From across the country, by bus, plane and train, tens of thousands of people calling for comprehensive immigration reform covered the West Lawn of the U.S. Capitol on April 10 in one of more than a dozen similar events taking place around the United States.
Cries of: “Si, se puede” (Spanish for “Yes, we can”) and “What do we want? Citizenship! When do we want it? Now!” rose from the crowd in Washington. The rally was organized as part of a nationwide campaign to push Congress to pass a comprehensive immigration reform law that addresses a range of problems with the current system.
And it is not just undocumented immigrants themselves who support reform. More than six of out of 10 Americans agree that immigrants currently living in the country illegally should be allowed to become citizens provided they meet certain requirements, according to a survey by the Public Religion Research Institute in partnership with the Brookings Institution. Majorities of Democrats (71 percent), independents (64 percent) and Republicans (53 percent) support an earned path to citizenship, as do majorities of all religious groups, including Hispanic Catholics (74 percent) and white Catholics (62 percent).
The widespread support for a path to citizenship “is that rarest of rarities in our polarized political environment—a policy that enjoys majority support across partisan and religious lines,” said Robert P. Jones, chief executive officer of the Public Religion Research Institute.
A Senate bill being crafted by the bipartisan, so-called “gang of eight” was said by some members of the panel to be nearly ready to unveil. It was expected to incorporate goals like a path to legalization and citizenship for the majority of the estimated 11 million people in the United States who lack legal status; increases in the number of visas available for workers; changes in the way family reunification visas are granted; and a set of requirements for ensuring that the Mexican border is “secure.”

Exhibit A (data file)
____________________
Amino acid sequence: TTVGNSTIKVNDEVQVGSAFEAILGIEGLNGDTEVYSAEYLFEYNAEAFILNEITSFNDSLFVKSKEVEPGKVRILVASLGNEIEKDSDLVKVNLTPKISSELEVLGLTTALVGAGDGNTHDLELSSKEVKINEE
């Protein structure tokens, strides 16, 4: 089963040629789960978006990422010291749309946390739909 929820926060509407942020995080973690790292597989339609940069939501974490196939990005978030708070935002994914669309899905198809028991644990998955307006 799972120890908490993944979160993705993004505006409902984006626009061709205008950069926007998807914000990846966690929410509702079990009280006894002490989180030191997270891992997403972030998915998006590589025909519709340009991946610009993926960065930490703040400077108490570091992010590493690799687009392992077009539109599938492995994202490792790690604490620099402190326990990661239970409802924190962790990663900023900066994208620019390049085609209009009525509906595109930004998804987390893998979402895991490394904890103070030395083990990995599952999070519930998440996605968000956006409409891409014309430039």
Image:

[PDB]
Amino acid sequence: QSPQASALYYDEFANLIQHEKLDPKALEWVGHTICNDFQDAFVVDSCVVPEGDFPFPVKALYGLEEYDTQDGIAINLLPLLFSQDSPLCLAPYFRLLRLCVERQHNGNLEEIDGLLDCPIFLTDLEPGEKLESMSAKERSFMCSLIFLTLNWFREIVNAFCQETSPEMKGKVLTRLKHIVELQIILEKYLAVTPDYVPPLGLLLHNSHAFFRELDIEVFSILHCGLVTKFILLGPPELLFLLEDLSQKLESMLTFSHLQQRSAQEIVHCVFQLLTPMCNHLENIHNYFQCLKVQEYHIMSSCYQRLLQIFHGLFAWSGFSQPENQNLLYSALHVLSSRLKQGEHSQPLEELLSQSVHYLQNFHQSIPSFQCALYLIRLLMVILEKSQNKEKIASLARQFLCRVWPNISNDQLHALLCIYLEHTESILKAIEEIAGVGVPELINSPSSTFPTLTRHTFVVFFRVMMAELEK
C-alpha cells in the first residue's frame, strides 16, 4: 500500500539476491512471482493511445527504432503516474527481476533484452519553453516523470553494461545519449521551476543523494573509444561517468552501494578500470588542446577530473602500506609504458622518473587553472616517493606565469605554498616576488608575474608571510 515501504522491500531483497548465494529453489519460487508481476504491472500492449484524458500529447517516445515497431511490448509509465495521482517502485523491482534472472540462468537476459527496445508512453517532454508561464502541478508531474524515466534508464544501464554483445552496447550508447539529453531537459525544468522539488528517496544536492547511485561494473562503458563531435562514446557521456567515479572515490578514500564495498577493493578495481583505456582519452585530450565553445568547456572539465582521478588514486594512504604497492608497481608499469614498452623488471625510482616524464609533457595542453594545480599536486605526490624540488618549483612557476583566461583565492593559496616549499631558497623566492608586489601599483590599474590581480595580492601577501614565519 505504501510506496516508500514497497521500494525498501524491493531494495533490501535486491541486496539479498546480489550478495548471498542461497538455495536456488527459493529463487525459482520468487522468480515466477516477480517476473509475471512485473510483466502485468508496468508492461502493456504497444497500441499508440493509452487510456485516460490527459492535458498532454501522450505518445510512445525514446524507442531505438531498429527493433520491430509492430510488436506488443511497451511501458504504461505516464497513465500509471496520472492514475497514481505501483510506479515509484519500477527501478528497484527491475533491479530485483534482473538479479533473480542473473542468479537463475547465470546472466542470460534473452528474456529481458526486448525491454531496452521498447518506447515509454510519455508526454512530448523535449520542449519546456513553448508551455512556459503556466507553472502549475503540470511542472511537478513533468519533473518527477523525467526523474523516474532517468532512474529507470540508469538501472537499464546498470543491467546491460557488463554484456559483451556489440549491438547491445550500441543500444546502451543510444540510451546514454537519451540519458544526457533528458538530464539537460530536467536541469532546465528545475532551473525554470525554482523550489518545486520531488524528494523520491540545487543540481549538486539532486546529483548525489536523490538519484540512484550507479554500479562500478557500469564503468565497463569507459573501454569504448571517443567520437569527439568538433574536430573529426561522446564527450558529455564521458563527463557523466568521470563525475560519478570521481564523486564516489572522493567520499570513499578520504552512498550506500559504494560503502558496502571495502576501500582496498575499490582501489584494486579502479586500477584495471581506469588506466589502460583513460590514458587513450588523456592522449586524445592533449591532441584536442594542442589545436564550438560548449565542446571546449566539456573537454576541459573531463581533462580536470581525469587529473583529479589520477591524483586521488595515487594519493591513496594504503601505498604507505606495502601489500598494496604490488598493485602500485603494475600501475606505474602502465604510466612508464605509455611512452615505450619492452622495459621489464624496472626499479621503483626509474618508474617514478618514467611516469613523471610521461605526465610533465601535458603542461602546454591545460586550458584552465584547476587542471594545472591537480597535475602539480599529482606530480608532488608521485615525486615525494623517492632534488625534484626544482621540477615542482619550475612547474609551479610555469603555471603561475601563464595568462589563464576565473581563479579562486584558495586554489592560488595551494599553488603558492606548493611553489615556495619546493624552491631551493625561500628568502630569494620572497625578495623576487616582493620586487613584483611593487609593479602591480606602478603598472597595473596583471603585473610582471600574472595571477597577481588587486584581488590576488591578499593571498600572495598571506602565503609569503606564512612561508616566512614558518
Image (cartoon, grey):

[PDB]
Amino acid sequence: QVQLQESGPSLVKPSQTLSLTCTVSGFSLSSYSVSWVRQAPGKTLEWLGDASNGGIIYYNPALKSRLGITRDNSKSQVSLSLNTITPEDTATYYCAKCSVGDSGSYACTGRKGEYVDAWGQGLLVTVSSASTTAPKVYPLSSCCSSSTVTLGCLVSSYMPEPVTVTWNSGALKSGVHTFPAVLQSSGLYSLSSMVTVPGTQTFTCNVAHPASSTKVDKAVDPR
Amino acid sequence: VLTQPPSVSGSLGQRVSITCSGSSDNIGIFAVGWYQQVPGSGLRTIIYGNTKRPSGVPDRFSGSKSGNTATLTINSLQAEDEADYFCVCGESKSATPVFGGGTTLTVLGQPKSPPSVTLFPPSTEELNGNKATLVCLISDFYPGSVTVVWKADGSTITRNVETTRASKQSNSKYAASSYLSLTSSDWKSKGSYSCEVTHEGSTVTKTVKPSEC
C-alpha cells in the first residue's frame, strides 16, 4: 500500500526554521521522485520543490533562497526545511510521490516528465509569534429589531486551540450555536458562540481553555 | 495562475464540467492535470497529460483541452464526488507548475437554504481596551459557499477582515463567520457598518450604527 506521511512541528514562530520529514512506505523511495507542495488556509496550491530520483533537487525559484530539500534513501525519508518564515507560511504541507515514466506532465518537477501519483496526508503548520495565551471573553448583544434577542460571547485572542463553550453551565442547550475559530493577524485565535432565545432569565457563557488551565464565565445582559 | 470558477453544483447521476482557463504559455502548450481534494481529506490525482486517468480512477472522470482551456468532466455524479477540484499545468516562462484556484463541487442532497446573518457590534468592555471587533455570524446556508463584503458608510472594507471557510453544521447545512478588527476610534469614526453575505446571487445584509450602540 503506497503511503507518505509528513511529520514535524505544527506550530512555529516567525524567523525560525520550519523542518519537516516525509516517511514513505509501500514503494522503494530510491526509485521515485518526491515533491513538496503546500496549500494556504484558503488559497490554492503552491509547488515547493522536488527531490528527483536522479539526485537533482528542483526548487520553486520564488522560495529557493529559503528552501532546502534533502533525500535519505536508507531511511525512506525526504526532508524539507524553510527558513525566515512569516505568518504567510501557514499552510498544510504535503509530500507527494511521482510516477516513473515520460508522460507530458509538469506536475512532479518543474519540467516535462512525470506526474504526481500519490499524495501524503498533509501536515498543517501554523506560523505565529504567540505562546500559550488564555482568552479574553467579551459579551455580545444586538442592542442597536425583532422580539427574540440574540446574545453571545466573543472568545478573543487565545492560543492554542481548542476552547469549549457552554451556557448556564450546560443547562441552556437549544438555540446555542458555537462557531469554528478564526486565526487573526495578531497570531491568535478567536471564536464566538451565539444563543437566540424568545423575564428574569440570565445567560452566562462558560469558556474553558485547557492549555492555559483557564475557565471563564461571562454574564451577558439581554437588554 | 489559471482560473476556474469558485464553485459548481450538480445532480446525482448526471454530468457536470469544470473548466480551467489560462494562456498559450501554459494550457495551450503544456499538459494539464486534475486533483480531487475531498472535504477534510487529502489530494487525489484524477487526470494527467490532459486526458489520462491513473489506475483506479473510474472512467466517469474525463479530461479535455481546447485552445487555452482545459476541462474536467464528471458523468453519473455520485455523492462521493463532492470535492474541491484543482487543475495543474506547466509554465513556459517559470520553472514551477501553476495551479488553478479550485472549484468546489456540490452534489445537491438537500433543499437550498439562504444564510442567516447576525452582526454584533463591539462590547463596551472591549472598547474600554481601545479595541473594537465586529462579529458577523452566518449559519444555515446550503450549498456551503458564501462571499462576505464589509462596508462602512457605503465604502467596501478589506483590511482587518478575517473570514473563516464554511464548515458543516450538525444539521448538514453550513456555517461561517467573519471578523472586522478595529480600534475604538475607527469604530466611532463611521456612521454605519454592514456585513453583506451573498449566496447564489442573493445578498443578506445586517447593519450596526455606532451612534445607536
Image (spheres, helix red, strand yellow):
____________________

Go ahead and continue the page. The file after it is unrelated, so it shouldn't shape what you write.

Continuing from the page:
President Obama has been pushing the legislation but has been giving the Senate panel time to pull together a bill that might draw votes from both parties. Results of the 2012 election that gave Mr. Obama more than 70 percent of the votes of Latinos prodded Republican leaders to rethink their previous opposition to immigration reform that includes legalization or a path to citizenship.
Sentiments expressed at the rally gave a sense of just how complex the demands are for what legislation should accomplish. Stepped-up deportation under the Obama administration was cited by many people on stage and in the crowd as something that is making their lives more difficult.
Martin, a butcher originally from from Mexico who traveled to Washington with members of his Catholic parish in Grand Rapids, Mich., said that because of his lack of legal status he has not been able to return to see his now-elderly parents in the 15 years since he left Guadalajara.
His three children are U.S. citizens, and every day “we worry about deportation.”
“Our life is here,” Martin said. “We only want an opportunity to lead our lives. We are all children of God.”